The name of the building is undoubtedly incorrect. It was long believed to have been erected by Cimon to shelter the bones of Theseus when they were re-turned to Athens from their burial place in Scyros. This tradition is probably based on the decorations of the metopes, which deal with the exploits of Theseus and Hercules. The best opinion now regards it as a temple of Hephaestus. It is a strange fact that substantially nothing is known of the origin and history of the one building that has survived in its original form and completeness.
The Ceramicus is the best example of an ancient burying ground that has come down to our day.
Inside its walls are several rows of the original grave-stones, though the most valuable of these stelae have been removed to the museum. A few of the finer ones that have been left in their old positions have been enclosed in glass as a protection against the weather. There is no such monotony of design in the ancient grave markers as will be found in any modern cemetery, and to*illustrate this variety I will mention four of the better known examples. The relief known as the Hegeso Proxeno shows a lady at her toilet attended by her maid. Demetra and Pamphile are portraits. The tomb of Dionysos is topped by a marble bull and another shows two Molossian hounds. The element of sorrow is not ever-present, though I believe the ancient Greeks looked on death with little hope. Certainly there is nothing so depressing as the great monument of death that greets the visitor near the gate of Pere Lachaise, in Paris.
In this graveyard repose the bodies of many of the greatest Athenians. Solon was buried there and Pericles, Thrasybulus, Conon and a host of others whose names still live to vex the schoolboy but to inspire mankind. It has given to us the name of it potter’s field,” which we now apply to the burying place of paupers. The clay from which the ancient vases were made was taken from this district. Although the sculpture on many of the tombs is very fine it must be remembered that it was merely the production of artisans, who probably held in their own time no higher relative standing than the stone cutter in an American marble yard occupies to-day. It is another, but a striking example of the artistic standards that prevailed in the best periods of Greece.
At the end of the cemetery is the noted Dipylon (double) gate, the most prominent entrance to the ancient city. Adjacent to it are the best fragments of the walls erected by Themistocles.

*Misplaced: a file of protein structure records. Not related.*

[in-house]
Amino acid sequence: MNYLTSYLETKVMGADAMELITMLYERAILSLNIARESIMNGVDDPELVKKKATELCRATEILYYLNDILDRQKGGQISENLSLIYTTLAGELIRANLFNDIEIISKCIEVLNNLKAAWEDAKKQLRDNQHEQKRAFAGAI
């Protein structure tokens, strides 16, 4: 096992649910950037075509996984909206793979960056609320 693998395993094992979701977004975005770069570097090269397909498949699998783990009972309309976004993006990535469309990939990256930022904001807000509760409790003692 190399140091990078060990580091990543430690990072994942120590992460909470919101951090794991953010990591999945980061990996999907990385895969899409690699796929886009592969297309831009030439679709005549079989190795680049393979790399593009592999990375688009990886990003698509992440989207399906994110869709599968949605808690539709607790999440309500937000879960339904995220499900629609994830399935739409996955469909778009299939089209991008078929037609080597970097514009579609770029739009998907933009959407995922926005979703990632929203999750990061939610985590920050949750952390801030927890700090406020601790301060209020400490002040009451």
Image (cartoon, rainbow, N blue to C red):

It was soon apparent that few visitors now take the pains to seek out the grove where Plato taught. Our boyish guide was quite perplexed and assured us that he had never before been asked to go there. Nor was the cabman better informed. We wandered aimlessly through the streets of the northwestern reaches of the city, far out beyond the station. We recognized the Kolonos, the home of Sophocles, by the graves of Ottfried Muller and Charles Lenormant, which stand within an iron fence on top of the hill, marred, I regret to say, by many marks of rifle balls. Though erected by the Government to honor two great scholars they were once used as targets for rifle practice by the irreverent people of the vicinity. But for that matter so were the sculptures of the Acropolis.
Here we began to make inquiries, but the priests at the Church of Constantine were quite as ignorant of the situation as the humble workmen of the neighborhood. But we at least had a base from which to study our plan and soon after we pulled up at a pleasant walled garden, where we saw beside the cottage that stood among the apricot and olive trees a wall of sun-baked mud into which were set a number of ancient fragments. A woman ‘came out.
” What place is this? ” the guide inquired.
” This,” she said, ” is the Academy of Plato.”
There remains near-by the trunk of an ancient olive tree, from which a living branch still protrudes. Because, no doubt, it is very old the tradition of the locality has it that it is the very tree under which the great disciple of Socrates taught. The Academy of Plato, if not honored, is at least not neglected, for the vegetable garden that it now harbors grows the finest artichokes I saw in Greece.
Our boyish guide was much impressed.
“This day has been good, for I have learned some-thing. I have learned of the spring of Callirrhoe and the Academy of Plato. It is good to learn.”
By this time, I fancy, those who have had the patience to follow me will be glad to turn for a while from the old ruins and to drive out the crowded Patissia Road to the National Museum. It is a growing district and on the way I saw a new nine-floor apartment house, said to be the most pretentious in Athens. The museum stands behind as pleasant a garden as any in the city and its benches are a favorite resting place.
The building itself is spacious and substantial with a classical portico. Beside the door stands a marble enlargement of the Hermes of Praxiteles, and in a well, or deep alcove along the wall is a miscellaneous collection of ancient fragments awaiting further examination. The exhibit rooms are large, clean and orderly and the contents are conveniently arranged. The absence of a comprehensive catalogue in English was the only annoying feature.
The policy has now long prevailed of forbidding the removal from the country of any relics of antiquity, and this has naturally enriched the national collections. There is, I am informed, a further restriction that may not prove quite so advantageous. It requires that ancient objects are to be preserved, so far as possible, at the place of their discovery. The purpose of this was probably to enforce travel through the country by those who wished to see its ancient remains. This was apparently to the ad-vantage of the local innkeepers and the -transportation companies, but in past years the conditions of the roads and the character of the hotels have kept many away. These things are being steadily remedied now and in the end I hope Greece will succeed in her ambition to become a great tourist country, as Italy has already done.
The National Museum is rich in every form of plastic art, but an inspection of the numerous statues, reliefs and inscriptions brings a saddening consciousness of their general state of mutilation. I have had the same feeling when looking upon the Elgin marbles in London. Hardly one of the lovely figures is not lacking in nose, leg, arm or head.